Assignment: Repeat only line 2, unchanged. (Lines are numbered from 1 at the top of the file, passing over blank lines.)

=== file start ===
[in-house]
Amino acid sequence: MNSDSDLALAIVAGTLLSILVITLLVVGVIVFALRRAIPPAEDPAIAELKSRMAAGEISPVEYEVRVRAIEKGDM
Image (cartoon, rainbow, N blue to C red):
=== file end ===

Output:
Amino acid sequence: MNSDSDLALAIVAGTLLSILVITLLVVGVIVFALRRAIPPAEDPAIAELKSRMAAGEISPVEYEVRVRAIEKGDM